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Ballet Talk for Dancers

Auditions: Company Search


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I would appreciate pointers on what you were looking for during your research. From my previous post, DD is just entering this stage in the process. Any help would be appreciated. Also, my apologies if this request isn't exactly on topic here. Thanks.


This quote is from sophiabuddy on another thread for Juniors and Seniors. The question is in regards to figuring out which companies to audition for, how to research to see if they might be a fit for you (or your child) and what is on the list for you to be researching in the first place.


I hope our veteran parents as well as those currently in the search will share their research methods and how their lists were developed, then also if you had to make financial decisions in regards to the number of auditions, how you made those selections as well.

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Sophiabuddy (in response to your question on the Senior Year thread): I have looked at the websites of every U.S. company that I could find.


--I read bios to look for common threads in preferred training and other similarities among hired dancers within a company. Sometimes I could find definite patterns, and sometimes it was random.

--I noted how many women are in the company, and their overall "look" as much as I could tell from headshots, action shots, video clips, etc. I was also able to see which ones hire from their own schools, and which do not! I could see how quickly they promote from apprentice to corps and beyond, or if they tend to hire in upper-rank dancers who come from other companies.

--I could see whether or not a college education seemed important to a company (for some, it seemed to be, but not for most).


This is not very scientific, and maybe it isn't the right way to go about this, but I had to find a way to narrow it down for DD, and not overspend on company auditions. I guess we will have to wait at least a year to find out if my research was a good idea! :grinning:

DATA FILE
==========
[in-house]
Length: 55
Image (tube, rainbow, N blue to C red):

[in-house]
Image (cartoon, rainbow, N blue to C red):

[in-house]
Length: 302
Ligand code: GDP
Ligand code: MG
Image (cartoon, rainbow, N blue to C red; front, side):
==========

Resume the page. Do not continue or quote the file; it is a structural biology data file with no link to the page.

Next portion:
*edited by moderator to make an easy list. Only the space bar and (--) were added.

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pointeprovider--How did you find the time to do all that? I'm impressed...and worried because I'm not going to be able to be so thorough. I thought I was doing good giving dd a list of companies!

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ddm, I just did little bits with a minute here and there, and I spent some late nights, too. I could only begin after this season's personnel had been posted. Sometimes it got tiring and I almost quit, but it was also very interesting. I had always wondered exactly who are the lucky, talented few who get ballet jobs, and where they trained, etc. Now, I think I know, but, as someone pointed out on another thread, you can only see what they choose to include in their bios.

I began with some preconceived ideas, and some of those were correct, but there were surprises. It has been interesting, overall. I just don't know if it will really help when DD auditions, though.

Have any other parents done a similar thing? Did it work?

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I think for each dancer someone has to help with it to some degree as pointeprovider has. If the teacher is current in their information and connections then they can be extremely helpful in that situation. However, if they are not, or if the school has a limited help stance because they can't help one dancer over another then someone else needs to do that for/with the dancers.


ddm-don't dismiss other dancers as being helpful either. I know that when DD was auditioning last year, it was other full company members who helped with the "where to trys" and the "you'd be good fors". Most of them know someone dancing someplace else and whether it's a good environment or not and which ADs like this type of dancer or that.